Lumbar Puncture

The lumbar puncture (LP) is a procedure that is performed by a physician to aid in the diagnosis of certain medical conditions.  An LP is sometimes referred to as a “spinal tap,” and is done by inserting a needle in between the bones of the lower back (the “lumbar” region) and into the spinal canal.  This procedure is performed to obtain a sample of cerebrospinal fluid (CSF) for laboratory testing.

CSF is the fluid that bathes the brain and spinal cord and helps to protect it from trauma or injury.  It is composed primarily of water, glucose (sugar), and protein.  Certain medical conditions can cause abnormalities in the CSF that can be detected through laboratory testing.

Conditions where an LP can aid in the diagnosis:

• Hemorrhage or bleeding into the brain
• Infections like meningitis, encephalitis, and brain abscess
• Inflammatory and autoimmune conditions like Multiple Sclerosis, Guillain Barre syndrome, and brain vasculitis
• Certain types of cancerous conditions

The amount of sample needed in a typical lumbar puncture is between about 10-30 mL of CSF.  Not to worry, the average nervous system contains about 120 mL of CSF, and the brain is constantly replenishing and reabsorbing it at a rate of about 500 mL a day.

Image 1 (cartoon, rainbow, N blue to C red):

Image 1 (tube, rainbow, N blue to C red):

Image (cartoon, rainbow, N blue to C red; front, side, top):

Proper positioning of the patient on the procedure table is the most important factor in obtaining a sufficient sample without contamination.  The procedure can be performed with the patient sitting upright or lying on the side.  In either position, the patient is bent forward at the waist with the knees tucked up toward the chest, and the head flexed forward with the chin toward the chest.  In this position the bones of the lower back are flexed slightly to enlarge the openings between them, making it much easier for the needle to enter the spinal canal in the fewest number of attempts.  When an LP is performed with X-ray guidance by a radiologist, the patient is sometimes positioned face down.

The risks of a lumbar puncture are relatively minor, and it is considered a safe procedure.  A physician will advise a patient on the risks and benefits of the procedure specific to his or her case.  Risks of the procedure can include bleeding, bruising, pain, infection, and headache.

The headache that can occur is an unusual headache that starts 0-24 hours after the procedure, is generally presents only when sitting or standing upright, and is relieved by lying flat.  It can be mild or severe and is also known as a “spinal headache.”  This symptom can often be minimized if the patient is encouraged to rest after the procedure, drink plenty of water the day of the procedure, and, if recommended by a physician, consume moderate amounts of caffeine.